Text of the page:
Learning in a troubled community
LEAP 4 – Diepsloot was LEAP’s first school based within a high-need community. In a converted warehouse in the heart of the now-notorious informal settlement just outside of Johannesburg, the school faces a distinct set of challenges for teachers and students.
In the news for all the wrong reasons – xenophic violence, service delivery protests, brutal crimes against children and mob justice – Diepsloot provides a backdrop of dire need right next door to the luxury of the exclusive Dainfern Estate. LEAP students must navigate this challenging environment and move ahead in life, supported and encouraged by a very special group of teachers and LEAP 4’s founding funder, the Aveng Group.
LEAP 4’s leader, Paul Mumba, joined LEAP as a volunteer tutoring Maths in Langa in 2006 and is all-too aware of the complexities in a community like Diepsloot:
Everyone has a perception that nothing good can come out of Diepsloot but the everyday smiles on the faces of the 186 LEAP 4 learners, despite the terrible conditions which they are living in, makes me proud.
“The social issues of the community negatively affect academic performance – most learners lack a space to study or complete homework. We have also experienced cases of rape, domestic violence and family members living with HIV which also impacts on our learners’ academic performance.”
“My biggest challenge as a leader is to get my staff, parents and learners to understand the reason why LEAP operates differently from other organisations. We put the learners at the centre of everything that we do.”
Life Orientation lessons are a central part of LEAP’s whole-child approach to education, but they are even more important in a community like Diepsloot: “These lessons are indispensable to our learners as they offer psychosocial support.”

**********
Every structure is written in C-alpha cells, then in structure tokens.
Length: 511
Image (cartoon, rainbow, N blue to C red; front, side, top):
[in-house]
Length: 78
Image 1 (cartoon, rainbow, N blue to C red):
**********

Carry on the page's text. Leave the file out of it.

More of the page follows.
Nonkuleleko Mnguni, head of Life Orientation at LEAP 4, explains: “Most LEAP 4 learners do not feel safe in their own community, they fear for their families. Violence is one of the topics that seems to be popular, to a point that some of our learners have normalised it. Although they voice their opinions through community forums, they feel like they are not heard and feel helpless.”
Learners start to take small risks by speaking or sharing in class. Then they learn to trust the space and feel that it is a safe place for them to be vulnerable. This is the moment when they find their voices and take ownership, they see themselves as part of the LEAP family.”
“Life Orientation gives them a safe space to share what they are feeling and help each other move forward. It gives them the chance to see that, as much as they feel angry about what is happening, their peers have similar feelings as well. It helps them identify what they are feeling and how they can channel those feelings.”
BEING THE CHANGE
“They have to realise that if they want change in their community, they have to be the change and not wait for someone to bring about change in their own lives.”
They also need to see that they are not their community, so being part of Diepsloot does not make them the same as all who live in it. They need to stop normalising the problems in their community.”